Joachim Low has opted to keep the Bayern Munich defender as his skipper, but has risked his future as national team coach in doing so
By Clark Whitney | German Football Editor
An old adage states that with great power comes great responsibility. Those put in positions of authority are expected to conduct themselves in a manner that is becoming of their roles.
When given the title of captain for a national team, it is an unwritten law that one should avoid controversy in the media. A skipper’s opinions ought to be heard, but the appropriate forum is behind closed doors, in private meetings with players and management.
When Philipp Lahm was named Germany skipper last year, his appointment came with controversy. Some insisted that Michael Ballack ought to remain the leader of the DFB team, while others took exception with Lahm personally, citing the player’s relatively quiet demeanour. It therefore comes as a surprise that Lahm’s first major mistake as captain is in being too outspoken.
|"Under Voller the team trained for an hour a day, and then we were off to play Playstation."
- Philipp Lahm
In his recently published autobiography, ‘The Subtle Difference - How to Become a Top Footballer Today,’ Lahm makes some very controversial statements, including that his time under national team coach Rudi Voller was “the most relaxing experience of [his] life,” and that Bayern Munich players had to decide on their own tactics when Jurgen Klinsmann was in charge.
Lahm defended his comments by claiming that his words were “observations,” devoid of judgment. But this is of little relevance: regardless of their validity, his statements have sparked controversy, and unnecessarily so. He seems to have forgotten that the role of captain is to unite and stabilise a team. Delivering unsavoury observations about one of Germany’s leading figures can only have the opposite effect.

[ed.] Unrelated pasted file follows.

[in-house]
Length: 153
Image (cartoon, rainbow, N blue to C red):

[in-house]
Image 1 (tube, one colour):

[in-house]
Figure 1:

Under scrutiny | Lahm's controversial comments have brought unwanted attention
For a number of reasons, his book was not needed at this time. The title would have been far more justified had it been published after Lahm won a major international title. And had it arrived after his retirement, the furore surrounding it would have been less. But for an active player - let alone a standing captain - to openly comment as Lahm did on Voller was an inexcusable offence. It was naive, it was senseless, and most importantly, it strongly suggested that Lahm lacks the judgment required in a team captain.
|Lahm's statements suggest he lacks the judgment required in a team captain.|
National team coach Joachim Low responded with courtesy that Lahm did not show to Voller: he spoke with his captain behind closed doors earlier this week, and the two reached an agreement. The trainer opted to let the Bayern man off with a warning, stating “there was no discussion of whether he will be stripped of his captaincy.”
Lahm is a great footballer, Low a great coach - but both have made entirely avoidable mistakes in the last few weeks. In taking a relatively passive stance towards his captain’s transgressions, the coach has emulated his skipper’s weakness, and unnecessarily put his own judgment under scrutiny. The pair may yet weather the storm together, but like his skipper, Low has risked his long-term future: troubling news for the DFB faithful.
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